I’ve talked about issues and ideas over the last year about the use of certain tools or platforms in the social technology for social impact sector, from Causes to Ideablob to Ning.  These conversations have moved through a version of the stages of grief: outrage, doubt, fear, wonder.  We’re now, as a community, emerging into a great place and ready to figure out what we do now.  How do we create a better way of building?

Through these discussions, I find myself creating the never-ending pro and con list, or if-then clauses.  Yes, we know where we want to go (kind of); but we are also very much here right now.  Looking at our tools, I can’t help be stop for a minute to examine what they are doing to define our communities and what “community” even means.

Here are four of the biggest examples I see as to how some of the most popular tools at our disposal for “community building” online are actually not community-centric tools at all.

Numbers do not equal Activity
Many tools—whether it’s a page, a group, or a network—focus on numbers.  The number of fans on your facebook page is one of the core features on the landing page, the number of Ning network members is the same, and again with Twitter, etc. I can’t think of a tool that doesn’t put that number right in front of you.  But, I could have a million in my “community” without a single one of them “doing” anything.  Sheer numbers don’t mean activity.  And activity is what makes a community grow and thrive.

Opportunity for Community Builders:
Use the functionality options you are given (even if extremely limited) to put activity (even activity numbers if you have to) at the forefront.


“Market” does not equal “Community”
The reliance on advertising is becoming more and more visible throughout the social media space, most recently in Ning’s move to require all network creators to pay with the exception of educators (with an emphasis on using ads to offset payments). As digital citizens we are not against advertising and promotions online, per se, but have come to accept them as part of the space where we live, work, and hang out (just like offline).  But, offline, we can create community spaces that are free from advertising.  Many of the tools popular right now don’t provide that option (obviously unless you want to pay for it).  But, your community may want to feel like it’s a community - not a market.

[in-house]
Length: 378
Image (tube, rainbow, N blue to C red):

Opportunity for Community Builders:
Look for tools that provide the options your community wants when it comes to ads or other non-community content. (Don’t be afraid to just ask them what they want!)


Owners do not equal Leaders
Pretty much every tool requires someone to “host” it or own it: to be the first administrator, to set it up, to pay for it, etc. But there are very few communities online, at least that I’ve experienced, where that person is one of the “community leaders.”  Most all communities have various roles that members self-select or grow into.  These roles may include welcomers, trainers, supporters, creators, moderators, and leaders. By it’s very nature, a community does not have an owner—all the members are owners.  Many tools create opportunity for the owner to stand in the spotlight, without much attention going to the other, more appropriate, roles.

Opportunity for Community Builders:
Look for ways to spotlight, recognize, and thank the community members who are taking an active role to lead and support the community who aren’t automatically spotlighted in the “owner” profile.


One Community does not equal All Communities
The inherent problem with adopting many tools is that the options, functionality, and flexibility are limited. But, not all communities function, need the same options, or even want to operate online in the same way as others.  This also points to one of the big issues in strategic development: it isn’t just about knowing where your audience is, but know what they want to do - those may not always match up and it may be the case that a catalyst (you?) can step in to help provide the space where they can do what they want.

Opportunity for Community Builders:
If you see a tool/network not being used by your community the way it has done with others, don’t assume that people aren’t getting it or need training or help - maybe the tool just isn’t right for the community’s goals. Strive to be a catalyst (a spark that creates but doesn’t own) for finding and creating appropriate spaces with the appropriate tools.


Many of our current tools require us to operate as spider networks, with a traditional hierarchy and distribution of responsibility (aka power), instead of starfish communities where we can be share and distribute responsibility, and develop in an agile, organic way.  A spider network may be appropriate for some groups and communities.  But, is it right for yours? What are your tools deciding about your community?  What have you done to redefine “community” for your network?

(For more on the metaphor used above, visit The Spider and The Starfish.)

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